By Ghadeer Ghloum
KUWAIT: Students and teachers alike are often looking for effective strategies to enhance their learning and teaching methods. There are various techniques proposed by experts and researchers in the field of education. One such technique that has gained popularity in recent years is the Feynman Technique. This technique is named after Richard Feynman, a physicist who was known for his ability to explain complex topics in a simple and understandable manner.
The Feynman Technique is a learning strategy that involves breaking down complex concepts and ideas into simpler, more digestible ones. To help students and teachers find easier ways to navigate through their academic experiences, Kuwait Times discussed this technique with Kasia Kayat, a homeroom teacher at a private American school in Kuwait, Mohammad Al-Ansari, an English teacher at a public high school in Kuwait, and AlKawther, a student at a public high school in Kuwait.
The Feynman Technique consists of four steps: The first step is to understand the concept or subject matter thoroughly. This involves gathering information from various sources and breaking it down into smaller parts. The second step is to simplify the information. This involves breaking down the complex concept into simpler terms and relating it to other concepts that are already familiar to the learner.
The third step is to explain the concept in simple terms. This involves using analogies, diagrams and examples to explain the concept to someone else. This step is important because it reveals gaps in understanding and allows for clarification of any misconceptions. The final step is to review and refine the understanding. This involves going through the material again and identifying areas that still need improvement. It is important to continuously review and refine the understanding until it becomes deeply ingrained.
Ansari told Kuwait Times the Feynman Technique is a compelling approach that entails following a series of steps to simplify the process of studying and potentially solidify the acquired knowledge. The steps themselves embody simplicity. Initially, you select a concept that you wish to comprehend. Subsequently, you assume the role of an educator, effectively conveying the idea to a young child. Following this, you engage in reflection, refinement and simplification. Ultimately, you proceed to organize and review the resulting material.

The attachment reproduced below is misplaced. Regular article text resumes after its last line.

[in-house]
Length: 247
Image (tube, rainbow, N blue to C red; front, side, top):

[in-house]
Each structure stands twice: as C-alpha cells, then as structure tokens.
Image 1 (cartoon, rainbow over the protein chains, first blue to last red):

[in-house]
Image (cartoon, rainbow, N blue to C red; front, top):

Ansari also shared his opinion on the Feynman Technique’s steps, saying the third step is the most crucial because it tests your true understanding of the subject. If you cannot explain a concept in terms that a clever six-year-old can understand, it means there is a gap in your understanding. “I must admit that I subconsciously used this technique during my academic years. I would often adopt the perspective of a teacher, trying to engage my students who seemed uninterested in X subject. It helped me identify gaps in my understanding and prompted me to ask myself questions to fill them, essentially enhancing my critical thinking,” he said.
Ansari added that even after completing his education and becoming a teacher himself, he still highly values this method, as it proves to be extremely helpful when dealing with difficult topics, easing unnecessary anxieties and the fear of being unprepared. “It allows me to focus on presenting subjects clearly, creating a more engaging and effective learning experience. So, yes, I would definitely recommend this method for both teachers and students. It’s simple and effective, requiring nothing more than putting it into practice,” he said.
Kayat commented on using this technique as a teaching strategy. She said that writing, talking and explaining a story are the main factors of this technique, which she used to use as a student and currently uses as a teacher. “I would not recommend it for my younger students because they are too young for it, but for older ones, I would recommend them to use it as a studying method. For teachers, I would recommend using this technique with their students during their free time, because I do not think it will be productive for a classroom that has 17 to 25 students. I think they will be distracted and not take it seriously,” she pointed out
Additionally, AlKawther said: “In my opinion, the most important and challenging step is the third step, where I have to explain the material I have been learning to someone else. While reading the material, I feel I have a good understanding of it and am ready to be tested on it, but when I come to explain it, I find myself unsure about some points. This gives me a chance to know what topics I need to focus more on before going for a graded exam and lose marks.”